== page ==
On the Rise: Urban rail projects under implementation and planning

Urban rail projects under implementation and planning

Metro rail systems provide high capacity public transit services in urban areas. In India, the first metro system was introduced in Kolkata in 1984. After almost two decades, the next metro system opened in Delhi in 2002. Currently, India has an operational network of around 417 km.

India Infrastructure Research analysed 139 urban rail stretches that became operational or those on which work commenced between January 2016 and January 2018, including metrorail, monorail and light rail projects. During the period, a total of 117 km was added to the urban rail network and there are plans to add another 2,500 km, which includes 57 stretches under construction (593 km), four stretches under bidding (38 km), five awarded stretches (72 km) and 58 announced/approved stretches (1,743 km).

Key operationalised projects

A total of 15 stretches, spanning around 117 km, were operationalised between January 2016 and January 2018. In 2016, three stretches spanning 14 km were added to the operational network – 5 km to the Bengaluru metro and 9 km to the Chennai metro. Further, in 2017, operations commenced on 12 stretches spanning 103 km. This comprises extensions on four existing networks – the Delhi metro (18 km), the Gurugram metro (7 km), the Bengaluru metro (12 km) and the Chennai metro (9 km)  and operations on three new systems – the Kochi metro (18 km), the Hyderabad metro (30 km) and the Lucknow metro (9 km).

The Hyderabad metro rail project is the first in the country to commence operations on such a long stretch (Line 1 spanning 12 km and Line 3 spanning 18 km). The project has been developed under the public-private partnership (PPP) model by Larsen & Toubro.

Key projects under implementation

Of the projects tracked, a total of 57 stretches are currently under construction. These are 56 metro projects and one monorail project. Together, these projects will add 593 km to the urban rail network across 11 states – Delhi (109 km – includes the 9 km Dilshad Garden-Ghaziabad stretch in Delhi/Uttar Pradesh), Gujarat (39 km), Haryana (3 km), Karnataka (54 km), Kerala (7 km), Maharashtra (161 km), Rajasthan (2 km), Tamil Nadu (21 km), Telangana (45 km), Uttar Pradesh (49 km) and West Bengal (103 km).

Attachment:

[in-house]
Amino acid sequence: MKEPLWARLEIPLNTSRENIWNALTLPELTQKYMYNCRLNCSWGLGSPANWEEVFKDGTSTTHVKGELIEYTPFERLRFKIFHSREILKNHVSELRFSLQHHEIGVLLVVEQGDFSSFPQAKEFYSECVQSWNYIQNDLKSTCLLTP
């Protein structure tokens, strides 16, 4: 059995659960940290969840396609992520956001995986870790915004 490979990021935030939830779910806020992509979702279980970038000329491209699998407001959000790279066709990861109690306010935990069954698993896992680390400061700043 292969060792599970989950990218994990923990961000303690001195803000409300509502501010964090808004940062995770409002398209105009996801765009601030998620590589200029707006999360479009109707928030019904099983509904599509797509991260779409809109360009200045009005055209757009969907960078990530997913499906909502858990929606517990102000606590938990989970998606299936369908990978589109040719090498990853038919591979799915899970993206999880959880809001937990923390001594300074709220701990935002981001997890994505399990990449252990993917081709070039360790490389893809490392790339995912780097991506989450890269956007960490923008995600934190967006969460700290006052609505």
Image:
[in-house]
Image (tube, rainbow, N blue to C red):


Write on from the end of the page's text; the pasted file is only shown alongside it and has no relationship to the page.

The biggest ongoing project in terms of investment is the Mumbai metro project (Phase I, Line 2A; Phase I, Line 3; and Phase III, Line 7) spanning 69 km and being developed at an estimated investment of Rs 417 billion. This is followed by the Delhi metro (Rs 375 billion) and the Bengaluru metro (Rs 264 billion).

Further, a total of four metro rail stretches spanning 38 km are currently at the bidding stage. The biggest investment opportunity lies in the 23 km Hinjewadi-Shivajinagar stretch of the Pune metro, Corridor 3 project. Further, contracts for the 12 km Mumbai metro, Phase I, Line 2B project (Part 2), the 2 km Dwarka Sector 21-Dwarka Sector 25 extension of the Delhi Airport Express Link and the 1 km Najafgarh-Dhansa bus stand stretch of the Delhi metro, Corridor 6, are yet to be awarded.

Projects awarded

A total of five stretches, together spanning 72 km, were awarded between January 2016 and January 2018. The Kolkata monorail, entailing the highest investment worth Rs 42 billion and spanning 30 km, is expected to be completed by 2020. Contracts were also awarded for the 2 km stretch of the Kochi metro project, Phase IA (being developed at an investment of Rs 4 billion), the 21 km Gottigere-IIM B-Nagawara (Reach-6) stretch of the Bengaluru metro project (Phase II), the 7 km Korrukupet-Wimco Nagar section of the Chennai metro project (Phase I Extension) and the 12 km section of the Mumbai metro, Phase I, Line 2B project (Part 1).

Projects on the drawing board

Currently, a total of 58 urban rail stretches, spanning around 1,743 km have been announced/approved for development, at an investment of over 4,763 billion. These comprise 48 metro rail stretches (around 1,531 km, Rs 4,327 billion), four monorail projects (58 km, Rs 74 billion) and six light rail projects (154 km, Rs 362 billion). The biggest project that has been announced is the Chennai metro project, Phase II, spanning 107.55 km and to be developed at an estimated investment of Rs 800 billion. The Japan International Cooperation Agency will provide funds covering 50 per cent of the project cost. This is followed by the Delhi metro project, Phase IV, which is planned to be developed at an estimated investment of Rs 552 billion and the Gurugram-Manesar-Bawal metro project, to be built at an investment of Rs 274 billion.


Several initiatives are being taken to develop the rapid rail network in India at a greater pace. One major step in this direction is the launch of the new Metro Rail Policy, 2017, for expanding and regulating metro rail services across the country. It seeks to raise private investment by making PPP contracts mandatory and bringing about urban transformation through the development of metro rail projects. It also focuses on last-mile connectivity, transit-oriented development, commercial/property development at stations, raising non-fare revenue through advertisements and leasing of space, etc.

The successful implementation of the policy is expected to give a major fillip to the sector.